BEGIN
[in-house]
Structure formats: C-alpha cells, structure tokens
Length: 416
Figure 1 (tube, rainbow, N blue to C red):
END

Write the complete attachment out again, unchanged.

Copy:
[in-house]
Structure formats: C-alpha cells, structure tokens
Length: 416
Figure 1 (tube, rainbow, N blue to C red):